Sebastopol, Les Forts du Nord et Leurs Environs. Pour suivre la marche des opérations militaires, dessiné d'après les plans et dessins par ordre des gouvernements français, anglais et russe, etc.
19.75 x 27 in (50.165 x 68.58 cm)
This is a c. 1855 Auguste Logerot bird's-eye view map of the siege of Sevastopol (Sebastopol) during the Crimean War. Sevastopol, the largest city on the Crimean Peninsula, occupies the foreground and is illustrated in detail. Numerous forts, redoubts, and other fortifications are identified, along with artillery batteries and even a few lighthouses. Russian, British, French, and Ottoman troop positions are colored. The Battle of Inkermann and the fighting at Koughil are directly referenced on the view.
The Siege of SevastopolThe siege of Sebastopol, the final battle of the Crimean War, took place from October 1854 until September 1855. Sevastopol is remembered as one of the classic sieges of all time. The city housed Russia's Black Sea Fleet, which posed a threat to the entire Mediterranean Sea. The siege was immortalized in Leo Tolstoy's Sebastopol Sketches. Tolstoy, the now world-famous author of works including War and Peace and Anna Karenina, was a 26-year-old artillery officer in the Russian army and survived the 11-month siege.
The Crimean WarThe Crimean War, with an alliance of the Ottoman Empire, Britain, France, and Sardinia on one side of the conflict and the Russian Empire on the other, lasted from October 1853 until February 1856. The root cause of the war has never been fully understood, but the stated impetus for hostilities was the rights of Christians in the Holy Land, with the Catholics being supported by the French and the Greek Orthodox Church gaining the support of the Russians. Other factors also included the gradual decline of the Ottoman Empire and British and French concerns about Russian gains in the region at the cost of the Ottomans.
Hostilities erupted in July 1853 when Russia invaded two Ottoman suzerainties known collectively as the Danubian Principalities. The Ottomans immediately responded and fought a defensive campaign that eventually halted the Russian advance at Silistra, which the Russians besieged. Alarmed by the possibility of an Ottoman collapse, the British and French jumped to their aid, sending troops and supplies to Gallipoli. These reinforcements did not arrive at Silistra until after the Russians had withdrawn.
Now, public opinion at home, where discontent at the seemingly wasted effort and expense of sending armies to the Balkans, exerted an influence on the alliance. This outcry led to the planning and execution of an invasion of the Crimean Peninsula in September and a siege of the Russian naval port of Sevastopol, their primary naval base in the Black Sea, which lasted for eleven months. Russia finally sued for peace in March 1856. In the Treaty of Paris that ended the war, Russia lost its Black Sea ports. Wallachia and Moldavia gained a modicum of independence, and Christians in the Holy Land were given a degree of equality.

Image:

Publication History and CensusThis view was published c. 1855 by Auguste Logerot. It was drawn by H.J. van den Hout and engraved and printed by Rose Joseph Lemercier. An empty OCLC reference appears for this work, suggesting that an institution that was once part of OCLC cataloged it at one point.
Auguste Logerot (fl. c. 1839 - c. 1880) was a French map and general interest publisher active throughout the mid to late 19th century. A. Logerot worked with other French publishers, cartographers and engravers of the period including Fremin, Dufour, Dyonnet, and Vuillemin. He published a large corpus of map and geographical atlases, though few of his map represented unique or exceptionally interesting work. This exception are his wonderful jigsaw puzzle maps - a style popular in 19th century France. Jigsaw puzzle maps are a kind of educational map printed on board and carved up in puzzle format. Logerot's imprint is frequently misprinted as Lagerot or Logeret. Logerot shared offices with several other publishers, printers and engravers at Quai des Augustins 55, Paris. Little else is known of Logerot's life and work. Learn More...
Rose-Joseph Lemercier (June 29, 1803 - 1887) was a French photographer, lithographer, and printer. One of the most important Parisian lithographers of the 19th century, Lemercier was born in Paris into a family of seventeen children. His father was a basket maker, and he even began working as a basket maker at the age of fifteen, but Lemercier was drawn to lithography and printing and soon entered into an apprenticeship with Langlumé, where he worked from 1822 until 1825. After working for a handful of other printers, Lemercier started his own firm in 1828 at 2, rue Pierre Sarrazin with only one printing press. He subsequently moved a few more times before arriving at 57, rue de Seine, where he founded the printing firm Lemercier and Company. Lemercier created the firm Lemercier, Bénard and Company in 1837 with Jean François Bénard. Lemercier bought out Bénard's share in the firm in 1843 and, since his two sons died at a young age, he decided to bring his nephew Alfred into the business beginning in 1862, who would progressively take on more and more responsibility in running the firm. Between 1850 and 1870, Lemercier's firm was the largest lithographic company in Paris. The firm began to decline in prestige in the early 1870s, and, after Lemercier's death in 1887, its descent only quickened. It is unclear when the firm closed, but Alfred directed the firm until his death in 1901. Learn More...
Good. Exhibits wear and toning along original fold lines. Verso repairs to fold separations. Closed tears extending one inch and one half-inch respectively into printed area from bottom border professionally repaired on verso. Blank on verso.